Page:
Talley, a founder of the University's Maritime Trade and Transport Research Group in 1984, founded the maritime and supply chain discipline and the B.A./B.S. program in maritime and supply chain management in 2012, with help from Ling Li, chair of the Department of Information Technology and Decision Sciences. There was only one other undergraduate program in the discipline at the time in the U.S. He added an M.S. program in 2015.

Talley's research on maritime shipping and safety, ports, passenger vessels, reducing shipping greenhouse gas emissions and other transportation issues has appeared in hundreds of publications. The Asia-Pacific Journal of Operational Research ranked ODU as the top U.S. university in maritime management researchearlier this year.

He credits his frequent collaborator ManWo Ng, associate professor of information technology and decision sciences and coordinator of ODU's maritime, ports and logistics management graduate certificate program, with playing a critical role in elevating ODU's research. They met in 2011, when Ng was pursuing a transportation engineering position and Talley was on the search committee.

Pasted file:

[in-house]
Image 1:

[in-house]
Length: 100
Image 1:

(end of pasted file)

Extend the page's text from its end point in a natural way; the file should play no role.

"When I saw his background, I said, 'Wow! He's really amazing,'" said Talley, noting that Ng was publishing analytical research in the top transportation journals.

"When I met him, I said if I can get him into maritime, I'm sure we could be the leading publishers in the world in maritime academic papers, and that's come true."

They set about trying to change the nature of maritime research. Toward that end, in 2020 they founded Maritime Transport Research, a journal published by Elsevier, which Talley described as the world's leading publisher of transportation journals.

"We decided that the discipline of maritime research needed an analytical journal because these other journals and papers were interested in marketing, and that's fine, but they were not doing any statistical analysis," Talley said.

"And it's interesting today that some of those professors that only published in marketing journals, we got them interested in trying to publish analytical papers. And they got very excited. They realized they could get a greater understanding of their discipline and add to their knowledge. That has been personally rewarding, and we're very pleased about that."